Families of Super Puma victims query decision not to bring charges
A fatal accident inquiry into the 2009 crash is told it could have been avoided if maintenance procedures were followed.
The families of 16 men who died in a North Sea helicopter crash five years ago have questioned why prosecutors decided not to bring charges before key witnesses had been interviewed.
Tom Marshall, the lawyer representing the families, told a fatal accident inquiry that the development was the single most shocking fact to emerge from the five weeks of evidence.
All 16 people on board the Super Puma Eurocopter, operated by Bond, died when it suffered a catastrophic gearbox failure and plunged into the sea off Peterhead on April 1 2009.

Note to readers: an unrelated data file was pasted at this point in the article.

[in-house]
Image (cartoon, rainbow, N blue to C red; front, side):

The hearing was told the manufacturers were informed a week before the accident that a metal particle had been found in the aircraft’s gearbox.
Mr Marshall said that had Bond followed proper maintenance procedures in the wake of the discovery, the crash would not have happened.
Speaking outside the inquiry, Audrey Wood, who lost her son Stuart in the crash, said: “This has been the most horrific, traumatic five years of strung-out emotional upsets for all sixteen families and friends.
It has been a perpetual rollercoaster which we could not get off. And of course the length of time this case has taken to go to court has prolonged the grieving process.”
Sheriff Derek Pyle is due to give his determination later.